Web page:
Dear friends and colleagues,
We are going through very, very hard times all over the world. The rate of catastrophe is perhaps higher in Turkey, due to the State of Emergency that accelerates the already present state of exception. This past year in Turkey, it dawned on me that I was witnessing what Hannah Arendt described as the law of perpetual motion activated by terror in a totalitarian regime. Not a day passes without new outbreaks of violence, without a public personality being declared a traitor, without purges, without changes in the objectives of the government, in short, without practices of intimidation and repression that prevent an everyday temporality to sink in. This is indeed how the public sphere is destroyed: there is too much commotion for anyone to think, discuss, judge or act. The borders established by law and ordinary channels of communication between individuals collapse and are replaced by an iron band that shifts society to and fro as if it were a single body. Everything becomes possible; the most far-fetched scenarios come to life. Fear ceases to be a viable rule of thumb since it is impossible to predict the next move of the regime.
For those who have doubts that this is actually the case in Turkey, here is how one single week looked like last fall:
On Saturday, Oct. 29, the government issued two new Emergency Law decrees. 15 media outlets (mainly Kurdish) were banned, more than 10.000 civil servants were expelled, among them 1267 academics. Among the expelled academics were renowned leftists, union members and peace petition signatories. The government also abolished the law that allowed academics to choose their own university presidents. Bogazici University was the only institution to stand up against this decree. Gülay Barbarosoglu, our actual president, was re-elected with 84% of all votes in July, but another academic was nominated on Nov. 4 by Erdogan to serve as rector.
On Sunday, Oct. 30, police detained the co-mayors of Diyarbakir, the biggest Kurdish city in Turkey, on charges that they aided militants, part of a government crackdown after more than a year of violence in the region. Trustees were appointed in their place.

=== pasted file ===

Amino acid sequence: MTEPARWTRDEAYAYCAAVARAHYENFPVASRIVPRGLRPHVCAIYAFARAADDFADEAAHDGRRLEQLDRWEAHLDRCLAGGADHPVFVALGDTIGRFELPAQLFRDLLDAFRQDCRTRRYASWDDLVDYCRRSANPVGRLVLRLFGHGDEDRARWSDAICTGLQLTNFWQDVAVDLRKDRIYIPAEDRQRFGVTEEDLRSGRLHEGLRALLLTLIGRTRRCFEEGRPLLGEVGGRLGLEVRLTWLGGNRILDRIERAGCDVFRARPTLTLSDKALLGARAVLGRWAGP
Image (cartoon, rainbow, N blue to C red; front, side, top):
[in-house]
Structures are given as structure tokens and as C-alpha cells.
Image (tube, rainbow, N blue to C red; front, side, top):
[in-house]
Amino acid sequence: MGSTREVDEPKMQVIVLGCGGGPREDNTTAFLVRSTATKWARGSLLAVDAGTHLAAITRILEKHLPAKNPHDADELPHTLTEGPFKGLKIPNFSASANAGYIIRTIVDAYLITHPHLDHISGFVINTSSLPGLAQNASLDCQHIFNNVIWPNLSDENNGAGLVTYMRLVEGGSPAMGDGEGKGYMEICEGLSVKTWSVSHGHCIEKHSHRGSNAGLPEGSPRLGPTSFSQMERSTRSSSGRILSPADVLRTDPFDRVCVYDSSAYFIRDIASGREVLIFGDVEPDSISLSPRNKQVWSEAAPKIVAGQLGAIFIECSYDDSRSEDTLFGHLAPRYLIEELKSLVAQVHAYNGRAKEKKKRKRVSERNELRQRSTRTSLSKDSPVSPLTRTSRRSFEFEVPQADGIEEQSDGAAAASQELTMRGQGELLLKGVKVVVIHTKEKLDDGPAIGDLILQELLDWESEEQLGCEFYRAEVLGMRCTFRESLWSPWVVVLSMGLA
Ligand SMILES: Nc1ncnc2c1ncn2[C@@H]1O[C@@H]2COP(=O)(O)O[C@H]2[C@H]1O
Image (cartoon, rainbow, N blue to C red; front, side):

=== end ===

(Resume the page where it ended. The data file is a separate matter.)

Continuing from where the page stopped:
On Monday, Oct. 31, police arrested 18 journalists, among them the editor-in-chief, of one of the leading opposition newspapers, Cumhuriyet. This marked a fatal blow on the Turkish public’s chances of obtaining reliable news on the situation in Turkey.
On Thursday, Nov. 3, arrest warrants were issued for all 59 of HDP’s deputies.
On Friday, Nov. 4, police rounded up 15 Kurdish deputies, all of them senior politicians, in a post-midnight police raid. HDP leaders Selahattin Demirtas and Figen Yüksekdag are among the detained. Internet slowed down, and social media was inaccessible throughout Turkey.
This was the last nail in the coffin for any hope of political and societal peace with the Kurds. These senior politicians are the last generation of Kurds willing to make peace with the Turkish establishment. I cannot refrain from adding that instead of burning down the Reichstag, Erdogan has chosen to use Emergency Law as a pretext to empty out the parliament.
We are moving closer to fascism than I would have ever dared imagine.
This past month in January, Parliament passed an amendment to the Constitution that turns Presidency into an all-powerful executive office and drastically weakens the system of checks and balances. The President is to be given the right to appoint ministers, issue decrees, have broad authority over the high council of judges and prosecutors, and nominate university rectors. Parliament will lose its right to interpellate or audit the executive. In short, the President will take control of both the executive and the legislative branches, and will have enormous leverage over the judiciary. The majority of independent media outlets has already been closed by decree or silenced, so the so-called “fourth power” is no longer in the way either.
If approved in a nationwide referendum to take place under Emergency Law conditions this coming April, the constitutional amendment will turn the de facto situation into a de jure one. Parliament was largely ineffective owing to the majoritarian electoral system. The constitutional amendment was passed in the absence of 11 legislators from the HDP (they are imprisoned at present), and without any public scrutiny. The governing party pressed for late-night marathon sessions to vote for the provisions and banned live broadcast of parliamentary debates.
All these are making it infinitely more difficult for democratic forces in Turkish society to defend themselves against gross rights violations, arbitrary punishment and arrest, inaccessibility of reliable news, and the closing of spaces of dissent. There is no reason to believe that the intimidation of critical voices will cease in the near future, since the ruling party systematically disregards calls from European and US institutions and numerous human rights organizations.
So when the New York Times asks “Can Turkey’s democracy survive President Erdogan?” my answer is “no,” I’m afraid.
In despair, but also in solidarity, as always.